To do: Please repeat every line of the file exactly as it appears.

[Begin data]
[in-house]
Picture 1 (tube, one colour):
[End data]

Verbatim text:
[in-house]
Picture 1 (tube, one colour):